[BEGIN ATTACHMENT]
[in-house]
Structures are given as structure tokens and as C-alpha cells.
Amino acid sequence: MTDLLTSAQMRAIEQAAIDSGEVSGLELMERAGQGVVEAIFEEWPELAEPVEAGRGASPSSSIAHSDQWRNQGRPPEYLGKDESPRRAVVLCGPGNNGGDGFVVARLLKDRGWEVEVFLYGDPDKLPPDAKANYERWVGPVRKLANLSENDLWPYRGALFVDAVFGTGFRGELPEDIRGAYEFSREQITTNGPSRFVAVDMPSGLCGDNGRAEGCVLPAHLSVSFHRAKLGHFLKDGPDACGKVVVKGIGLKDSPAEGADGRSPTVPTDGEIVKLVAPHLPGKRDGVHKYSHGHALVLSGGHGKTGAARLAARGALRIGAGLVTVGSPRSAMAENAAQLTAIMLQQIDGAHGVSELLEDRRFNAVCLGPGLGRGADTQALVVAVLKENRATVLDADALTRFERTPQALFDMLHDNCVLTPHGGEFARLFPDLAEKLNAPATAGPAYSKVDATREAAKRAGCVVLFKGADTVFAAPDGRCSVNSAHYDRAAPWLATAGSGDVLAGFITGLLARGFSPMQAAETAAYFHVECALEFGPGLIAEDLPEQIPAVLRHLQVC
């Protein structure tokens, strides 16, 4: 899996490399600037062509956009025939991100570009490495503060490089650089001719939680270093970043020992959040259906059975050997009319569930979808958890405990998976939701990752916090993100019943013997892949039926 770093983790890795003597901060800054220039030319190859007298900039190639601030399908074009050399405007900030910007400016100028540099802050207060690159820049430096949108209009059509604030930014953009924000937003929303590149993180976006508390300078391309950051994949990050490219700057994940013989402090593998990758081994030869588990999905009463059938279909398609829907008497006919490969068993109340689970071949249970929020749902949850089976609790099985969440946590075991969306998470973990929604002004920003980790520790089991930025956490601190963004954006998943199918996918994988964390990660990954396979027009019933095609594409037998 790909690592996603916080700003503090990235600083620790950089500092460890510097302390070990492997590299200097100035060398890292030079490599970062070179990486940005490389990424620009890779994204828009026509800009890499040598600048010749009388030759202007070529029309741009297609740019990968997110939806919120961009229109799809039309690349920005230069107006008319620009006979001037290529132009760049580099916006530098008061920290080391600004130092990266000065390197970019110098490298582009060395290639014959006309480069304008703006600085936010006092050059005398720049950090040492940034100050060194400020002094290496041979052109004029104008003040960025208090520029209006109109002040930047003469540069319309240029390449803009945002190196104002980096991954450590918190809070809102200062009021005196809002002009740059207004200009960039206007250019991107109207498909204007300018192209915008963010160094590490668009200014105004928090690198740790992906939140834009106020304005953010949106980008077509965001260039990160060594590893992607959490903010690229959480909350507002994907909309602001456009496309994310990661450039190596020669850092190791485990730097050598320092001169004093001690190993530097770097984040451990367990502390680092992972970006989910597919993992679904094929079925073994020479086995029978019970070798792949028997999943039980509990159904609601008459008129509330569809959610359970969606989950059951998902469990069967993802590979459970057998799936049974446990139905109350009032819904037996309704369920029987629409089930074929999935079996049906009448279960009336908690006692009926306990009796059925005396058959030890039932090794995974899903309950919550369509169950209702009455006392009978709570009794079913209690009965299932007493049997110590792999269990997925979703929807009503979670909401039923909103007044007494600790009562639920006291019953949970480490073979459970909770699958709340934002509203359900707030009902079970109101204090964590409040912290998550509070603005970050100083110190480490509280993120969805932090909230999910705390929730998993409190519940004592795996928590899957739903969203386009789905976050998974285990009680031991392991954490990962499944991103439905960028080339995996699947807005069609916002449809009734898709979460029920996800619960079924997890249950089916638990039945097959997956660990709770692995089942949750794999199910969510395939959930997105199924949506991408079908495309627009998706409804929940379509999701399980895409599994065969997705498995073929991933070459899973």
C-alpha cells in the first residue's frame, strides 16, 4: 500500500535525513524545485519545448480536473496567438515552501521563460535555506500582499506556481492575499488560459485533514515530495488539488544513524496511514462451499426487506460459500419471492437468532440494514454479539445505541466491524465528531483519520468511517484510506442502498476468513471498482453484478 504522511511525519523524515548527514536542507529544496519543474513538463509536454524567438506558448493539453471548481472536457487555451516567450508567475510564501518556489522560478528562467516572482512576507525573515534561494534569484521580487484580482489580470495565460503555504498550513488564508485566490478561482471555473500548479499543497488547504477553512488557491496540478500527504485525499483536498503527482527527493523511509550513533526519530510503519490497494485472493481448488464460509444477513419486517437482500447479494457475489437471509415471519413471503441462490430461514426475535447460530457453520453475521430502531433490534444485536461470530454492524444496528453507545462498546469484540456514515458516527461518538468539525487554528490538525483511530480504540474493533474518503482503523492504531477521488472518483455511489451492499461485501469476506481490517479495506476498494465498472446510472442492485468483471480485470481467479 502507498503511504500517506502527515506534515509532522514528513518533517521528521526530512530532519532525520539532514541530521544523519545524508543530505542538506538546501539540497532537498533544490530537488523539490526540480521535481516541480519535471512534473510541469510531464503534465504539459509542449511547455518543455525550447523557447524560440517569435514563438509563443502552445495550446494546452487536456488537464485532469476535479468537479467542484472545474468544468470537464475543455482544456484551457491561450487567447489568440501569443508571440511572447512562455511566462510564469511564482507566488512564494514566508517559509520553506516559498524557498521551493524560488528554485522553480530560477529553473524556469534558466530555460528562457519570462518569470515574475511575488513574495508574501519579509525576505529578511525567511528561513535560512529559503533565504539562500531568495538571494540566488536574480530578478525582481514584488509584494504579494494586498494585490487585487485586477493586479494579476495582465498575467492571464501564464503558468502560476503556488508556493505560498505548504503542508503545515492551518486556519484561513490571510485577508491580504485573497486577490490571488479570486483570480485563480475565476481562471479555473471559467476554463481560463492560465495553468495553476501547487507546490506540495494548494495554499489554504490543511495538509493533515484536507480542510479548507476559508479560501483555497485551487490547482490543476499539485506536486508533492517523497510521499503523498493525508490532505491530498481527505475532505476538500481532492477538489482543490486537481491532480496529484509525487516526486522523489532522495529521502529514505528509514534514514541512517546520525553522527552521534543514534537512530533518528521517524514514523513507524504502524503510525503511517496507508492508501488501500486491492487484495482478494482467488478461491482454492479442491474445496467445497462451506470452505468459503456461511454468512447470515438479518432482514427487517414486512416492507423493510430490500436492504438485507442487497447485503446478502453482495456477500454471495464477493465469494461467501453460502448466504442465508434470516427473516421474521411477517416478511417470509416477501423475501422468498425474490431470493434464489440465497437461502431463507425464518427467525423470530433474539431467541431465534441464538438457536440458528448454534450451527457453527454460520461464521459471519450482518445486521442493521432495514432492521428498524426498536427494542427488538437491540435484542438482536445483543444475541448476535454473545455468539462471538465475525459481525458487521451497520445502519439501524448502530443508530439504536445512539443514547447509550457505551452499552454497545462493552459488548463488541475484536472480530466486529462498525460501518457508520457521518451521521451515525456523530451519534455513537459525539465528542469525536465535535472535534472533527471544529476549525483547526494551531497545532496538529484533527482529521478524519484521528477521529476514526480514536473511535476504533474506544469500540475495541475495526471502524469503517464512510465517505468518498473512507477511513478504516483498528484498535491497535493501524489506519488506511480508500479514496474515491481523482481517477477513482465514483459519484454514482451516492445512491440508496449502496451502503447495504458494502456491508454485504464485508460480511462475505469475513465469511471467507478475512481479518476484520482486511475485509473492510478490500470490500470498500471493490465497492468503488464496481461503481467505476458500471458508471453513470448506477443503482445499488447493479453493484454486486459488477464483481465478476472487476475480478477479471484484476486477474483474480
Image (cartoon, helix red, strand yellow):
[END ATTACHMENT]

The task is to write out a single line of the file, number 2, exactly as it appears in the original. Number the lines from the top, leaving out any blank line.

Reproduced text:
Structures are given as structure tokens and as C-alpha cells.